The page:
Strikes in Egypt “have become more commonplace and action has often drawn government concessions,” according to a nice factbox about the labor struggle in Egypt published by Reuters on Monday.
A interesting summary of recent industrial actions in the autocratic country and the responses from firms and the Egyptian government is then provided:
Textiles – A December 2006 strike by thousands of workers in a state-owned spinning factory wins government concessions on pay and bonuses, encouraging a wave of strikes and other protests across Egypt.
Tax – In April 2009, fourteen months after winning a 325 percent pay increase, real estate tax collectors win legal recognition for Egypt’s first independent trade union since 1957.
Transport – Truck drivers in February this year strike over new law banning articulated trailers, pushing up the cost of building materials. The government gives longer grace period to comply.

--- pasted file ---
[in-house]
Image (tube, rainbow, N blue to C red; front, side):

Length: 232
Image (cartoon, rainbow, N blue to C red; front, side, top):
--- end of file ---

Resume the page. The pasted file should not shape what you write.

Health – Pharmacists strike for several days in February over government plan to apply taxes retroactively. The government promises to reconsider. Doctors protest this year after a delayed government response to pay demands. Security forces prevent them from approaching parliament.
Law – In March, lawyers throughout Egypt protest over proposed increase to court fees. Government amends the proposal.
Post – Postal workers have organised a number of strikes across the country since May over wages, job security and a new appraisal system. No clear government response.
Fertilisers – Workers in Suez protest fertiliser exports to Israel. Strike broken and workers deducted 15 days pay.
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